The road to success
Morris Motors was at the forefront of the UK’s automotive sector for much of the twentieth century. But while the Morris badge no longer survives, its founder’s name lives on thanks to his many acts of generosity
By Tim Gibson
In 1892, William Morris opened a bicycle repair shop in his parents’ front room in Cowley St John, Oxford. Few would have predicted that he’d go on to become one of the UK’s most inspiring entrepreneurs. But within just eight years, Morris had expanded his business as well as designing and building a motorcycle. The first motorcar bearing his name appeared 13 years later.
Such a meteoric rise sounds like it came easily when you read about it in the pages of Peter Hull’s brilliantly concise biography of Morris. But of course there were bumps along the way, including disagreements with early business partners, and failed ventures such as his attempt to run a colliery in the Forest of Dean in the late 1920s.
Morris’s success was hard earned. He worked long hours and expected similar dedication from his employees. Despite having a reputation for fairness, reports say he could be short-tempered with colleagues who didn’t see things his way.
For Morris, who became Sir William Morris in 1929 and was awarded a peerage in 1934, Morris Motors Ltd was his life. Its success defined him, not least because the cars his company produced carried his name upon their grille.
That did not make Morris, Lord Nuffield, unwilling to share the spoils of his success. Quite the contrary, in fact: in his lifetime, he gave away an estimated £30 million to a dizzying array of causes, many of which continue to thrive to this day.
In 1936, when Morris Motors was at the height of its success, Nuffield ring fenced £2.25 million in share reserves for his employees. They received a dividend on these shares, meaning the company’s success was also their success.
Lord Nuffield’s generosity could be seen as an early version of employee ownership, where a company’s workforce has a stake in the business. For Nuffield, it was a matter of justice: the share stock was put aside for hourly paid workers, to top up their wages. Salaried staff, meanwhile, benefitted from a contributory pension scheme – something that was by no means common practice among industrialists in the early part of the last century.
Of course, Nuffield would have seen the business benefits of enabling his staff to share a dividend. Employees who have a stake in their company are more driven, because they see a direct link between their effort and the rewards they enjoy.
But Morris Motors didn’t want for dedicated staff: Morris’s loyalty to colleagues, and the family atmosphere he engendered right from those early days as a bike repairer, ensured a committed team that would deliver his wishes.
In short, Lord Nuffield did not have to buy his employees’ goodwill. They gave it willingly. And his other acts of altruism suggest that the decision to give Morris Motors’ staff a stake in the company was driven by generosity rather than business savvy. Nuffield had already established a reputation as a generous benefactor, giving to a variety of causes.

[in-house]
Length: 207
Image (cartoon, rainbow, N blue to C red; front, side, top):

In 1926, he donated £10,000 to the parents of children in borstals so they could afford regular visits. A further £10,000 went to establish The King Alfonso XIII Chair of Spanish Studies at Exeter College, Oxford University. Nuffield also gave to a variety of hospitals throughout the UK, including the Radcliffe Infirmary in Oxford, St Thomas’s in London and the Royal Devon and Exeter.
Perhaps Nuffield’s most notable donation was in 1937, when he gave £900,000 to Oxford University to establish Nuffield College. This is a postgraduate college specialising in the social sciences (Nuffield hoped it would focus on engineering, but it wasn’t to be). Not a bad legacy from a man who left school at 14 and was apprenticed as a bike mechanic.
Nuffield set up his eponymous Foundation in 1943, with a remit to focus on healthcare and social wellbeing. He gave the foundation £10 million of share options in Morris Motors in order to secure its future.
These acts of generosity established a template that subsequent generations of entrepreneurs would follow. Consider the Bill and Melinda Gates Foundation and the Michael and Susan Dell Foundation as cases in point. Along with his care for his own staff, they show Lord Nuffield’s deeply held desire to share the fruits of his success with others.
Although the Morris Motors badge is now the stuff of automotive history, Nuffield’s legacy is very much alive more than five decades after his death. Strange to think it all started with a bike shop in his parents’ front room…
Just Recruitment: Doing the right thing
Just Recruitment Group Ltd is one of the only employee-owned recruitment companies in the UK. As well as providing its workforce with ownership of the business, Just Recruitment supports a number of charitable causes. Among these are East Anglia’s Children’s Hospices (EACH) and Needham Market Football Club Under 11s. Like Lord Nuffield, we believe in sharing our prosperity, so that as many people as possible benefit from our success.
© Copyright Just Recruitment 2019
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